Who hasn’t heard about or commented on it this week?
Wherever I have been, whomever I have spoken to and whatever news I watched, read, listened to or scrolled, the main topic was WikiLeaks.
To some it’s devastating…destroying the fabric of diplomacy and the historic etiquette of international relations.
To others it’s been a comic relief – many of the so-called revelations are in fact funny to us the reading public – while skewering pretentious and posturing world leaders.
And, maybe to all a bit troubling, as it does seem that we blunder from issue to issue – but even that needs to be taken in context, as bottom line it’s all very human and not unlike what we’d find on Facebook…
And therein lies the dilemma.
Was this a punishable breach of privacy? Or are we all entitled to read everything?
On the one hand we still live in the shadow of fear of “Big Brother” and what happens when personal privacy becomes the domain of one entity. In fact, I’d posit that this is the opposite of the Facebook tell-it-all culture – where no one controls privacy – we put it all out for all to see.
So, the question is when we, marketing /business types, tell people that “we know all about you” because we track Web behavior, is that Big Brother like? Or is it something else? Maybe something less diabolical and possibly even benign?
Because what does it really mean? I know what you bought? I know what you read? I know what you looked at? Does that really equal Big Brother?
My view is no – not even close.
Lester Wunderman once told me that if people really knew how little of the information that we capture is actually useful to marketers, they’d never worry. He further said that if people knew how many marketers were not even able to use the information they should use, they’d sleep even better.
To start with, I think more of humankind than to assume I can get someone to buy what they don’t want and never should because I am in possession of some data about them. On the other hand, I’d like to believe that I could be useful to people and help them to see and acquire what they need and want at the right time, at the best price and in the most efficient way.
Now – identify theft and such are different – I do worry about that – but we can do a better job of security and have harsher laws to protect us – as we do offline.
And, less you think I am naïve and unaware – let me add that I do have a fear of too much power in any one hand, and a couple of years ago I gave testimony to a U.S. Congressional panel to that effect.
I was asked to comment on the proposed Google/Yahoo alliance and, although the clear issue was monopoly of channel (sort of obvious), I added the following thought: “If you control the algorithm, you effectively control the information it presents.” In other words, why let any one entity have the power to push you up or down or erase you at will. Not that I believe that is their intent – but why tempt? N’est-ce pas?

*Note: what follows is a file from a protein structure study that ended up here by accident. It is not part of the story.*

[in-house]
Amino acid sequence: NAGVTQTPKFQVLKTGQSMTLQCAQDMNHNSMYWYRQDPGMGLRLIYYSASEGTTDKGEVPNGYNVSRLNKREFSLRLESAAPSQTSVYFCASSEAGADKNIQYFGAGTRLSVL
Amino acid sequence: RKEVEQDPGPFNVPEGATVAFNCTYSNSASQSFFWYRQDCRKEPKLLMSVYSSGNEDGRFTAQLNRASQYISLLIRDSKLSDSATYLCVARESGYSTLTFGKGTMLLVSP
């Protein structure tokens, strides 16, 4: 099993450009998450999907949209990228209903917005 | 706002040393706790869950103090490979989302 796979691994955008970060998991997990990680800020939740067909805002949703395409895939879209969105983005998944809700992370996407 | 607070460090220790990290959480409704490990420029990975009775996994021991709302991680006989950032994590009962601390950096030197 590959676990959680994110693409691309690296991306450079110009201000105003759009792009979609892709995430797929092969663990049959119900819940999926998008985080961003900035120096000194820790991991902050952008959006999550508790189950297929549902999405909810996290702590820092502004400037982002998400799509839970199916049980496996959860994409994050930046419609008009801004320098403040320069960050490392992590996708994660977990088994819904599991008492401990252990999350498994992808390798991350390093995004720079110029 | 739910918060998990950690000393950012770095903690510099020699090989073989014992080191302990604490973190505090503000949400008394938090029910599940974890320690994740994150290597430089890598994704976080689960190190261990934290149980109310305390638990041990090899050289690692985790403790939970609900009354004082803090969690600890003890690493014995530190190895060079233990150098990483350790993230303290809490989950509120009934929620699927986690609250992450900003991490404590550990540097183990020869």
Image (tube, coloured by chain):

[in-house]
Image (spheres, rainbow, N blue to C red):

But let’s keep going on privacy – because I do believe it is a key issue.
While we have abdicated certain standards – it has been by choice. The notion that my election to tell anything, all or most about myself gives you the right to the same about me is offensive to me, and a violation of my personal space.
What troubles me – frankly – is not Big Brother – but little brother – the college roommate who hides a camera in the room and broadcasts your most personal moments; the “friend” who anonymously posts or tweets something about you that they are privy to and that you assumed was sacrosanct; the colleague who takes what you say out of context and tells the world; the acquaintance who makes fun of your clothing or accent or comment…you get the point.
This is the invasion of privacy that we need to think about – and maybe as a community help combat – think of it like the beer companies running “Don’t drink and drive” during the holidays.
We who want and need access to data in order to be helpful – and yes to increase our profits – need to be concerned about what others do with data – even though it’s not the same type and of course not used in the same way.
Seems to me that this is a basic human issue and maybe one appropriate for the season (if this is your season – if not, it’s all weather…) and that is respect.
In the end – that is what it all boils down to – N’est-ce pas? Basic respect for our fellow human – regardless of race, color, creed, religion, sex or sexual orientation, politics, taste in clothes, food, wine or movies….
So here is my question – have we advanced as a society? Are we heading in the right direction? Do we have a clue?
Here are two thoughts – you tell me…listen:
“It seems to me, Golan, that the advance of civilization is nothing but an exercise in the limiting of privacy.”
Janov Pelorat in Asimov’s Foundation’s Edge
Wish I knew…
What do you think?
P.S. I add this – worth the read – and your thoughts:
Fast Company – See How You Have Been Tracked